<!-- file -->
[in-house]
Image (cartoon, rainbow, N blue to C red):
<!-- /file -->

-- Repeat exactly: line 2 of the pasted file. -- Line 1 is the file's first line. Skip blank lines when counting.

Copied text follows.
Image (cartoon, rainbow, N blue to C red):